What is the Form 1098-T?
The information on the 1098-T form is being provided to assist the student with filing for the education tax benefits/tax credit deductions, such as the Lifetime Learning Tax Credit, Hope Scholarship Tax Credit, or the Above-the-Line Tax Deduction for Qualified Higher Education Expenses. See the IRS web site at irs.gov/pub/irs-pdf/p970.pdf for more information.
Note for accountant/tax-preparer: Suffolk University elects option 2 as its reporting method (Amount billed for qualified tuition and related expenses).
Who will receive the Form 1098-T?
For tax reporting year 2015, all students who were officially registered and taking courses for academic credit in at least one of the following semesters will be provided the Form 1098-T, if the qualified tuition and fee charges for the semester were posted to the student’s account during:
|Amounts included in
|2015 Spring||Nov/Dec 2014||No||Amounts included in 2014 Form|
|2015 Spring||Jan 2015||Yes||---|
|2015 Spring||Both in 2014 and 2015||Yes||Amounts charged in 2014 will be included in the 2014 Form. Amount charged/credited in 2015 will be included in the 2015 Form.|
|2016 Spring||Nov/Dec 2015||Yes||If additional charges/credits are added in January 2016, those amounts will be included on the 2016 Form.|
In addition, students who had adjustments to prior year tuition and fee charges or scholarship awards during calendar year 2015 will be sent the Form 1098-T even if they were not enrolled for the semesters listed above.
When and how to obtain Form 1098-T?
For tax reporting year 2015, Form 1098-T is expected to be available no later than January 31, 2016. You can view and print your 1098-T form for the current year, as well as past years' forms, by accessing the Tax Credit Reporting Service for Students (TCRS) at 1098t.com. If you have trouble accessing your records, please contact the TCRS call center at (877) 467-3821.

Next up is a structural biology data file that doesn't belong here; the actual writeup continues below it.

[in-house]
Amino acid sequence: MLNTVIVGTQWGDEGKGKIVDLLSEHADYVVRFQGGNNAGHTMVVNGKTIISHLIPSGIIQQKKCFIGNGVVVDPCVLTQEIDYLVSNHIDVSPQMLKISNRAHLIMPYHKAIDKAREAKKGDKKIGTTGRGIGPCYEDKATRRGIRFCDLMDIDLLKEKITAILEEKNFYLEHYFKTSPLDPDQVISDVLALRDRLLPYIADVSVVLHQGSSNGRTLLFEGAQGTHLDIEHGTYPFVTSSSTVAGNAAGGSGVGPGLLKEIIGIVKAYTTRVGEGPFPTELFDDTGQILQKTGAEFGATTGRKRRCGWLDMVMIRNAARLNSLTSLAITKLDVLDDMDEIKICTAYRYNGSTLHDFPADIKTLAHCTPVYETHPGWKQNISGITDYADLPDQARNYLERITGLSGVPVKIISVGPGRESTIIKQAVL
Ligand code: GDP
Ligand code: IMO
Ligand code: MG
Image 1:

*PRIOR YEAR's forms, since 2013, are available on www.1098t.com
What are qualified charges?
Amounts of qualified tuition and required fees reported on your 1098-T are defined by the IRS as “tuition and fees required for enrollment and attendance at an eligible educational institution”. The IRS does not consider student health fees, transportation fees, insurance fees, or room and board as qualified tuition and related fees; therefore; these fees are excluded from amounts reported on 1098-T. Additionally, charges and fees associated with student activities, athletics, personal, other living, or family expenses are also not qualified. You can find additional information at irs.gov/pub/irs-pdf/p970.pdf.
Why didn't I get a 1098-T form?
There are several reasons why a 1098-T form may not be generated or received:
• If you did not provide us with your Social Security Number (SSN) or Tax Identification Number (TIN).
• If you received more scholarships and/or grants than the amount of qualified tuition and fees billed.
• If you are classified as a Non Resident Alien on the Suffolk University’s database.
What happen if I do not provide my SSN or TIN?
Will I still get a 1098-T when I haven't paid my tuition and fee charges for that tax year?